Alex’s dedication to her music goes far beyond was might be called a passionate pursuit – it’s more like a life-long obsession which began in her teens upon first discovering Louis Armstrong and Jack Teagarden along with amazing singers like Mildred Bailey, Julia Lee and Maxine Sullivan. “An exciting new world with this immense songbook opened up to me.”
Alex quickly began delving deeper into the sophisticated shellac of the 20s and 30s which eventually led to a fortuitous connection with guitar great Jeff Healey who knew a rare talent when he heard it. In very short order, Healey produced her impressive 1999 debut They Say (Sensation Records) as well as the 2001 follow-up, You Can’t Stop Me From Dreaming. While facets of Ella Fitzgerald, Connie Boswell and Ruth Etting could be discerned in Alex’s zesty delivery, that crisp clear voice was unequivocally her own.
After getting a Songwriter of the Year nomination from the National Jazz Awards for her tune Melancholy Lullaby for the 2001 film Torso: The Evelyn Dick Story, Alex received two more nominations in the Vocalist Of The Year category and then a Ken Whiteley number she sang over the opening scene of the 2003 feature film Falling Angels won a Genie for Best Original Song.
While the gorgeously filmed videos for the aforementioned Melancholy Lullaby and One Night In Monte Carlo shot to the top of the Bravo! Countdown, Alex was busily scheduling collaborations with everyone from Grammy-nominated trumpeter Kevin Clark and the dashing Denzal Sinclaire to pianist Tyler Yarema and even Jim Galloway’s All-Stars. But Alex was never keen on being anyone’s “chick singer” and to underscore that point, she selected the repertoire, assembled her band and co-produced 2005’s Live In Montreal (Real Gone Gal) album which stands among her finest recorded performances.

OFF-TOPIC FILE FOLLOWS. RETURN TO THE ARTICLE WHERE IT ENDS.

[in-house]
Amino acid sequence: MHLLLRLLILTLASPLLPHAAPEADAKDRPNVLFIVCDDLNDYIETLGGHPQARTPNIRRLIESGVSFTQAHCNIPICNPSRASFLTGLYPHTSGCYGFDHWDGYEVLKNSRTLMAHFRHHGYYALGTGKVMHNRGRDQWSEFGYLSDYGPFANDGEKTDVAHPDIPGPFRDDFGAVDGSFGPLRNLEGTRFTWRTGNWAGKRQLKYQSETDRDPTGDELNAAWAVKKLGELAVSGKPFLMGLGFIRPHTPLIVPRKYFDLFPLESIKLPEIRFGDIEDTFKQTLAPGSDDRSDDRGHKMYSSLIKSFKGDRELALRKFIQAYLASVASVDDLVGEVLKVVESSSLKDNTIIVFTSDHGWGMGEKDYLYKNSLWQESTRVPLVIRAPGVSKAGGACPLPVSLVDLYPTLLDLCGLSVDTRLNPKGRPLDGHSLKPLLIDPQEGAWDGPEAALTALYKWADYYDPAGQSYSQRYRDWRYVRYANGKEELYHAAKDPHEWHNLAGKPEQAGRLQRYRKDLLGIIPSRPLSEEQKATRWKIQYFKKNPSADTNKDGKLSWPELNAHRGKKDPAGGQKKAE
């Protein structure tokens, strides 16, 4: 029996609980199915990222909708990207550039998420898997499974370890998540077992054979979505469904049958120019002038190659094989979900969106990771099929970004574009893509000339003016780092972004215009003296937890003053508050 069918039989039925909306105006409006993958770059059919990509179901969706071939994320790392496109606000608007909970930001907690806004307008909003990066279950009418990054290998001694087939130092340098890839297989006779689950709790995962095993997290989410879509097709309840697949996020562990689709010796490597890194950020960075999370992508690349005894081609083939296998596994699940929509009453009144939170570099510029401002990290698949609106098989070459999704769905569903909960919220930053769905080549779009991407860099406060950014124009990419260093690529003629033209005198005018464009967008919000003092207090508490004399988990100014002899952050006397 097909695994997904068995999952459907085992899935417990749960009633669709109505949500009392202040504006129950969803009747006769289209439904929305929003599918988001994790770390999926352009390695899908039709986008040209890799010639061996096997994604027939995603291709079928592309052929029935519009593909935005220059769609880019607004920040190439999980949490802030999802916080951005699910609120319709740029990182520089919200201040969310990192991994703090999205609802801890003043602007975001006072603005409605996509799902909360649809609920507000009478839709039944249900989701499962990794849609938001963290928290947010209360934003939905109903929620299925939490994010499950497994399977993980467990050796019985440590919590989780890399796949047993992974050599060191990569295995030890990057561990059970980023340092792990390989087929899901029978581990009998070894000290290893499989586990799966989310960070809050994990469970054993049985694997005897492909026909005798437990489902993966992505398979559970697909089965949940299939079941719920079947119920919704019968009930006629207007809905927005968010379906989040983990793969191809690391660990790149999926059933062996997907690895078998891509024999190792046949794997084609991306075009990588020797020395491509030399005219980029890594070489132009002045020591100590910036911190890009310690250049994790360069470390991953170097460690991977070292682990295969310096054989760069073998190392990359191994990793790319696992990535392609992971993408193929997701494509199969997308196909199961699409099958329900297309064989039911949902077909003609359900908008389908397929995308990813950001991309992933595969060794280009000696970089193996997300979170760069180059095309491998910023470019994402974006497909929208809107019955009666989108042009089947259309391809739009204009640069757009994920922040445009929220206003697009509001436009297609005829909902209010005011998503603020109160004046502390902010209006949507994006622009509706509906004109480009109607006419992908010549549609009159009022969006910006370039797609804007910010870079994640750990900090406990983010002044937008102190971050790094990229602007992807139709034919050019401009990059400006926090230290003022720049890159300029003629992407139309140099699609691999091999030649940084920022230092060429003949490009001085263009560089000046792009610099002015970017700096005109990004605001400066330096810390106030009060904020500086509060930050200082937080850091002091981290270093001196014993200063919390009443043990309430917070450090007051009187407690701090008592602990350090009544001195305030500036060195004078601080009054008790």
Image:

The blessing of more frequent bookings would also prove to be a curse. Smoke-filled venues were definitely not the place for someone battling lung disease and Alex reluctantly slowed down to recoup. All the while, her interest in singing and playing music never waned. In fact, it was during her self-imposed exile that she stumbled onto the city’s bluegrass and string-band underground. Alex fit right in with the scrappy Cameron House crowd who shared her excitement for the enriching sound of a bygone era when the lines between jazz, blues and country were still blurry enough to ignore.
A hook-up with the Backstabbers’ frontman Colonel Tom Parker gave rise to the rollicking roots country combo Lickin’ Good Fried. But following the release of the group’s Say Uncle! debut, Alex’s physical condition worsened and a double-lung transplant was deemed essential. Fortunately a donor was found and the surgery was a complete success.
Alex roared back with a new recording project, 33 for the prestigious Montreal jazz label Justin Time. Released in April 2011 to wide critical acclaim, the title “33” refers both to Pangman’s age at the time of recording as well as to the fact that the carefully selected repertoire was popular in North America during 1933. Pangman’s cross-Canada tour which followed in the summer of 2011 – with support from the Canada Council for the Arts – helped to broaden her reach beyond the traditional jazz audience. Along the way, she has made the most of her heightened profile to be a strong advocate for organ and tissue donation.